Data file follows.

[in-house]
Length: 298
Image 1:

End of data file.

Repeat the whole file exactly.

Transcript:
[in-house]
Length: 298
Image 1: